A parliamentary candidate really was elected in Birmingham in 1964 with the slogan: ‘If you want a n***** for a neighbour, vote Labour.’ Illegal and unthinkable today. Enoch Powell’s rivers of blood never did flow. Instead, we are increasingly blind to the colour of a person’s skin. Indeed, in more enlightened institutions (yes, including the BBC) you hear young white men complaining that they’d have a better chance of promotion if they were black. 

The masses turned out in Oxford to demand the removal of the Cecil Rhodes statue

The problems are not about race: they are fundamentally social and economic. They are better seen in terms of social class and economic inequality. And best tackled in those terms too. The demand that the admission of white guilt must be the way forward is profoundly mistaken. Whites have no more nor less reason to feel guilty than anyone else. 

Even the charge of colonial guilt is hopelessly one-sided. Yes, many atrocities were committed by whites in the name of the British Empire. But did they bequeath no benefits to the world, including to black people? The legacy of decent education, fair laws and an incorruptible civil service system remains in many black countries — though, tragically, not enough.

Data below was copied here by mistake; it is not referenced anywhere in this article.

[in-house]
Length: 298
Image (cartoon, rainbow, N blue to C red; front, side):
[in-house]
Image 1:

Are we really to blame for the horror of modern Zimbabwe or the breath-taking corruption of Nigeria or the desperate state of the South African economy or the legacy of empire, and to absolve blacks themselves from any responsibility? 

It is the poor blacks in every case who suffer the most. And should our most urgent response to it all really be to tear down Cecil Rhodes’s statue in Oxford? 

I cannot get too excited about a few thousand young people staging protests — nor about a few statues. But let’s crack down on those who incite violence, and let’s put the statues in museums rather than dump them in the harbour. 

And if we want to judge whether every white is guilty of racism, let’s look at our children and grand­children rather than listen to the Twitter mob or a sobbing radio presenter. 

My own experience is that when children choose their friends, the colour of their skin is irrelevant. Surely we must look to the future rather than the past.

Source: Read Full Article